Rolling Acres Mall in Akron, Ohio, opened in 1975 as the premier shopping destination for the surrounding community. But as customer traffic started to slow more than a decade ago, several department stores abandoned their leases, and the mall began to fail. It lost its last store tenant in 2013. Over that period, the mall was the scene of several crimes. A homeless man was sentenced to a year in prison for living inside a vacant store. Another man was electrocuted trying to steal copper wire from the mall, and the body of a likely murder victim was found behind the shopping center. The mall was still vacant last year, and it remained a safety concern — the mayor of Akron instructed residents in July to “stay clear of the area.” The city began the process of demolishing the rotting shopping center in late October.
Like Rolling Acres, shopping malls across the country are dying, and in some cases, leaving jobless communities and rotting buildings that are hotbeds for crime in their wake. As stores are boarded up one by one, shopper traffic slows and crime in the area tends to spike. Malls are big contributors to city and state taxes, jobs, and the local economy. Once they close, they are a blight on the community for a very long time.
Kevin Zent, 59, of Memphis, Tennessee, said that crime is a huge problem at malls near his home and that he no longer shops at them as a result. “Cars are keyed randomly in mall parking lots, and there is not enough security to provide the level of safety a family wants while they are at the mall,” he told Business Insider.
There were 890 reported crime incidents at one Memphis-area mall between January 1, 2012, and July 15, 2015, according to an investigation last summer by the local NBC affiliate WMC Action News.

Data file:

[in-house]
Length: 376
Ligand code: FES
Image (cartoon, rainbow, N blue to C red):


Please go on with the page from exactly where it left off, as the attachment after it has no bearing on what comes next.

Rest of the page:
Another example, Regency Mall in Augusta, Georgia, closed in 2002. Fifteen years later, most of the properties along Gordon Highway where it’s located are also vacant, according to WJBF. This has made it difficult to persuade developers to consider renovating the mall.
One key factor common to retail establishments, whether MMDs or restaurants, is that they generate foot traffic. And with foot traffic comes informal surveillance. As Jane Jacobs described in her groundbreaking 1961 work, The Death and Life of Great American Cities, people provide a natural form of incidental surveillance that can increase public safety. This idea, which Jacobs called “eyes upon the street,” has proven enormously influential, and is now a cornerstone of modern urban planning. The closure of a business in a low-walk-score area should have a proportionally large impact on total foot traffic. If our results were driven by eyes upon the street, we should find that, all else equal, crime is negatively related to walk scores. A quick, back-of-the-envelope cost calculation using our results and crime costs from a 2010 study suggests that an open retail business provides over $30,000 a year in social benefit just in terms of larcenies prevented. Retail businesses draw customers, and in doing so, lower crime.